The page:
Effect of carbamazepine-beta-cyclodextrin inclusion complex on seizure-like events in an in vitro model of temporal lobe epilepsy

DOI: 10.2478/amma-2024-0007

Objective: Pharmacoresistant epilepsy represents a significant global health challenge, necessitating novel therapeutic approaches. Despite advances in antiseizure medications, many patients remain treatment-resistant partially due to complex pharmacokinetic issues. Beta-cyclodextrin, known for enhancing drug solubility and stability, offers potential solutions by forming inclusion complexes, thereby improving anti-seizure medication’s efficacy. This study aimed to investigate the effect of beta-cyclodextrin and beta-cyclodextrin-complexed carbamazepine on epileptiform activities, using an in vitro model of temporal lobe epilepsy.
Methods: Seizure-like neuronal activity was induced using the low-magnesium model. Local field potentials were recorded from transverse rat hippocampal slices immersed in epileptogenic artificial cerebrospinal fluid, followed by the administration of either beta-cyclodextrin or carbamazepine, the latter in 100 micromolar concentration.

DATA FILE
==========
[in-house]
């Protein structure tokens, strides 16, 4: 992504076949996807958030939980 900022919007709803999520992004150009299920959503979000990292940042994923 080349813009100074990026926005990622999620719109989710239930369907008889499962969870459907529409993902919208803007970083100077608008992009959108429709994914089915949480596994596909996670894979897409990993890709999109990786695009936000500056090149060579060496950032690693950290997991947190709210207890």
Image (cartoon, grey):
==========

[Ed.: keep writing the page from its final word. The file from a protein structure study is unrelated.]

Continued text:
Results: Beta cyclodextrin, applied alone, significantly reduced the duration of interictal and ictal phases while increasing the frequency of seizure-like events. Carbamazepine exhibited an important anticonvulsant effect, significantly reducing ictal and postictal phase durations. However, the frequency of seizure-like events was increased. Notably, in some of the slices, carbamazepine completely suppressed epileptiform activity.
Conclusions: Beta cyclodextrin had an effect on its own; it shortened seizure durations and increased their frequency. Carbamazepine in complexed form, as used in our study, exhibited anticonvulsant efficacy, emphasizing the feasibility of solubility enhancement by this method. This study provides insights into potential therapeutic strategies for pharmacoresistant temporal lobe epilepsy, improving the pharmacological properties of the drugs. As cyclodextrins emerge as promising excipients for antiepileptic drugs with poor solubility, more effort is needed in order to elucidate the underlying mechanisms of their effects.

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